Translation memory: everything you need to know about it

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Just imagine how much time you’ll save if translators don’t have to translate the same phrases over and over again! And with most modern CAT (Computer Assisted Translation) tools they don’t – they have translation memories for that.

Monterey Institute of International studies showed that using translation memories (or TMs) leads to a 10% to 60% increase in translators' productivity.

In this article, we’ll explain the technology behind translation memories, describe its benefits, and show you how to build an effective translation memory and use it to your advantage.

What is a translation memory

A translation memory (TM) is a database containing pairs: a sentence and its translation. This means that if you or your translator has previously translated a sentence or phrase, the system will find it in the database and prompt you to use it instead of translating it again from scratch.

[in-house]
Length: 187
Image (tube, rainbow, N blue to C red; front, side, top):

How is a TM different from a glossary?

Glossaries only contain translations of words or short phrases, as individual concepts or units. Translation memories can contain whole passages of text, within their own context.

How is a TM different from machine translation?

Machine translation uses a translation engine, e.g. Google, to perform the translation. The translation memory is a way to store previously translated text and locate a matching phrase in the database.

How do translation memories work